THIS AVALANCHE ADVISORY EXPIRED ON December 22, 2018 @ 6:17 am
Avalanche Advisory published on December 21, 2018 @ 6:17 am
Issued by Melissa Hendrickson - Idaho Panhandle Avalanche Center

St. Regis Basin/Silver Valley

bottom line

Overnight another round of snow has added loading to a pack that was still adjusting from the storms earlier in the week.  With winds in the 40's last night, expect to see widespread wind slabs on the leeward slopes and cross loaded gullies.  There is still a persistent weak layer in many locations; it was active in pit tests yesterday.  Assess each location you plan on riding or sliding to see how reactive this layer is. 

How to read the advisory

St. Regis Basin/Silver Valley

How to read the advisory

Overnight another round of snow has added loading to a pack that was still adjusting from the storms earlier in the week.  With winds in the 40's last night, expect to see widespread wind slabs on the leeward slopes and cross loaded gullies.  There is still a persistent weak layer in many locations; it was active in pit tests yesterday.  Assess each location you plan on riding or sliding to see how reactive this layer is. 

3. Considerable

?

Above Treeline
Dangerous avalanche conditions. Careful snowpack evaluation, cautious route-finding and conservative decision-making essential.

2. Moderate

?

Near Treeline
Heightened avalanche conditions on specific terrain features. Evaluate snow and terrain carefully; identify features of concern.

1. Low

?

Below Treeline
Generally safe avalanche conditions. Watch for unstable snow on isolated terrain features.
    Dangerous avalanche conditions. Careful snowpack evaluation, cautious route-finding and conservative decision-making essential.
Avalanche Problem 1: Wind Slab
  • Type ?
  • Aspect/Elevation ?
  • Likelihood ?
    Certain
    Very Likely
    Likely
    Possible
    Unlikely
  • Size ?
    Historic
    Very Large
    Large
    Small

The storm system that hit yesterday afternoon and is still hitting the forecast area this morning has wind gusts in the 40's at the higher elevations.  Expect to find well developed wind slabs on leeward slopes.  Wind slabs will often look like smooth, rounded pillows of snow that are chalky white in color.  They may sound hollow as you are skiing over them on more mellow terrain.     

Avalanche Problem 2: Storm Slab
  • Type ?
  • Aspect/Elevation ?
  • Likelihood ?
    Certain
    Very Likely
    Likely
    Possible
    Unlikely
  • Size ?
    Historic
    Very Large
    Large
    Small

New snow overnight deposited a storm slab of up to 9" in the higher elevations.  Give this new layer some time to bond and adjust. 

Avalanche Problem 3: Persistent Slab
  • Type ?
  • Aspect/Elevation ?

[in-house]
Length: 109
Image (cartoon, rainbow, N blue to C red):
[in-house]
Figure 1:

• Likelihood ?
    Certain
    Very Likely
    Likely
    Possible
    Unlikely
  • Size ?
    Historic
    Very Large
    Large
    Small

Buried surface hoar was still found at multiple locations yesterday and was propagating in stability tests.  There are also locations that have weak faceted snow near the base of the pack still.  It is important to check each individual area you plan on riding and sliding because these persistent layers are variable spatially.  Faceted snow will be a weak and sugary layer in the pack or at the bottom next to the ground.  Rain up to 5000' last week stabilized these layers at the lower elevations, but they are still found widely in the pack at the higher elevations. 

recent observations

Yesterday we travelled to 6200' on the Idaho/Montana border to the north of Mullan Pass.  We observed a lot of variability in the aspects, with the persistent weak layers being most reactive on the north and west aspects.  While at our location, the other aspects showed improved bonding and stability, I would still expect to find the buried surface hoar in more sheltered areas.  Every slope seems to have a slight variation right now.  The buried surface hoar was about 80cm down in the pack at our location (total pack of 145cm).  I would also expect this to be much more reactive around trigger points and in shallower pack areas.  In the afternoon yesterday, the winds were very strong out of the southwest and were transporting avaliable snow.  They only increased overnight with the new snow that came in.  

Weather and CURRENT CONDITIONS
Two-Day Mountain Weather Forecast Produced in partnership with the Spokane NWS
For 2000 ft. to 4000 ft.
Friday Friday Night Saturday
Weather: Chance Snow Mostly Cloudy Mostly Cloudy
Temperatures: 31 deg. F. 25 deg. F. 31 deg. F.
Wind Direction: SW SW S
Wind Speed: 8-11, G23 6 5
Expected snowfall: <0.5 in. 0 in. 0 in.
For 4000 ft. to 6000 ft.
Friday Friday Night Saturday
Weather: Snow and Breezy Chance Snow Slight Chance snow
Temperatures: 21 deg. F. 18 deg. F. 22 deg. F.
Wind Direction: W SW SW
Wind Speed: 21-25, G46 15-17, G28 13-15
Expected snowfall: 1-2 in. <1 in. 0 in.
Disclaimer

Avalanche conditions change for better or worse continually. Backcountry travelers should be prepared to assess current conditions for themselves, plan their routes of travel accordingly, and never travel alone. Backcountry travelers can reduce their exposure to avalanche hazards by utilizing timbered trails and ridge routes and by avoiding open and exposed terrain with slope angles of 30 degrees or more. Backcountry travelers should carry the necessary avalanche rescue equipment such as a shovel, avalanche probe or probe ski poles, a rescue beacon and a well-equipped first aid kit.  For a recorded version of the Avalanche Advisory call (208)765-7323.